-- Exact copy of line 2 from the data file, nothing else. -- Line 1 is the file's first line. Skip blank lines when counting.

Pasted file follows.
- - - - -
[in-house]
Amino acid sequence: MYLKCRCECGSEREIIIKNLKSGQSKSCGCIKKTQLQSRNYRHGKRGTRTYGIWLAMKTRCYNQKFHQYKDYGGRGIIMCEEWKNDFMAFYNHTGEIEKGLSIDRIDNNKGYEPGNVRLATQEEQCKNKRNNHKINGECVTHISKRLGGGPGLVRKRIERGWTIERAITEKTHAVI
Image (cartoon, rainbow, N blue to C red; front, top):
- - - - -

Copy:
Amino acid sequence: MYLKCRCECGSEREIIIKNLKSGQSKSCGCIKKTQLQSRNYRHGKRGTRTYGIWLAMKTRCYNQKFHQYKDYGGRGIIMCEEWKNDFMAFYNHTGEIEKGLSIDRIDNNKGYEPGNVRLATQEEQCKNKRNNHKINGECVTHISKRLGGGPGLVRKRIERGWTIERAITEKTHAVI